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1 Corinthians 15:5 NASB

5 and that He appeared to Cephas, then to the twelve.

In all the narratives of four evangelists there seem to be no record of Christ meeting Cephas then the twelve after his resurrection,but that he met them together

Matthew 28:16 NASB

16 But the eleven disciples proceeded to Galilee, to the mountain which Jesus had designated. 17 When they saw Him, they worshiped Him; but some were doubtful. 18 And Jesus came up and spoke to them, saying, “All authority has been given to Me in heaven and on earth.

Mark 16:14 NASB

14 Afterward He appeared to the eleven themselves as they were reclining at the table; and He reproached them for their unbelief and hardness of heart, because they had not believed those who had seen Him after He had risen.

Luke 24:38 NASB

36 While they were telling these things, He Himself stood in their midst and *said to them, “Peace be to you.” 37 But they were startled and frightened and thought that they were seeing a spirit.

John 20:19 NASB

19 So when it was evening on that day, the first day of the week, and when the doors were shut where the disciples were, for fear of the Jews, Jesus came and stood in their midst and *said to them, “[b]Peace be with you.”

Could Paul be referring to another event which was not recorded by the Evangelists?

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John explicitly states that his Gospel (and by extension the other Gospels as well) are far from complete (John 20:30, 31, 21:25) - Jesus did MANY other things that could not be recorded.

Jesus meeting Peter/Cephas alone is one of the few incidents recorded outside the Gospels. For another example, see Acts 1:5-11 for a series of details not recorded in the Gospels.

Therefore, if Paul stated under divine inspiration in 1 Cor 15 that Jesus met Cephas, then I must presume that this is a recording of the facts.

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Paul wasn’t depending on the Gospels for his historic account of the resurrection. He depended on eye witnesses. In 1 Cor. 15 Paul dealt with those in Corinth denying a bodily resurrection. That is why he referred to eye witnesses testimonies of the resurrection.

Paul’s purpose in appealing to witnesses still alive is to invite his readers to check his facts if they doubt his words.

Keener, C. S. (1993). The IVP Bible background commentary: New Testament (1 Co 15:6). Downers Grove, IL: InterVarsity Press.

He also noted how critical the resurrection is to the gospel.

For I delivered to you as of first importance what I also received: that Christ died for our sins in accordance with the Scriptures, that he was buried, that he was raised on the third day in accordance with the Scriptures, and that he appeared to Cephas, then to the twelve. Then he appeared to more than five hundred brothers at one time, most of whom are still alive, though some have fallen asleep. Then he appeared to James, then to all the apostles. Last of all, as to one untimely born, he appeared also to me. (1 Cor. 15:3–8, ESV)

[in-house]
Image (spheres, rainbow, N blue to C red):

Now if Christ is proclaimed as raised from the dead, how can some of you say that there is no resurrection of the dead? But if there is no resurrection of the dead, then not even Christ has been raised. And if Christ has not been raised, then our preaching is in vain and your faith is in vain. (1 Cor. 15:12–14, ESV)

As far as Paul’s account correlating with the Gospels, even the accounts of Christ’s resurrection in the Gospels seem to be contradictory because of the huge amount of detail left out, as John wrote:

Now Jesus did many other signs in the presence of the disciples, which are not written in this book; (John 20:30, ESV).

Now there are also many other things that Jesus did. Were every one of them to be written, I suppose that the world itself could not contain the books that would be written. (John 21:25, ESV)

However, a careful examination of the resurrection accounts reveals they can be consistent if one considers the left out details. This passage in Luke might be a reference to Christ appearing to Peter:

saying, “The Lord has risen indeed, and has appeared to Simon!” (Luke 24:34, ESV)

The appearance to Cephas, that is, Peter, is not recorded in the Gospels other than a passing reference in Luke 24.

Witherington, B., III. (1995). Conflict and Community in Corinth: A Socio-Rhetorical Commentary on 1 and 2 Corinthians (p. 300). Grand Rapids, MI: Wm. B. Eerdmans Publishing Co.

Note that writing material (papyrus and parchment) was expensive at that time and the codex (current book form) wasn’t yet known. Scrolls had a practical size limitation. Thus, the Gospels had less detail than we would like. John’s Gospel is purposely different because he avoided repeating the details in the other Gospels to have room for important details left out of the other Gospels.

Paul gave information about Peter not in the Gospels. He did have direct contact with Peter (Acts 15:7; Galatians 2:11-14).

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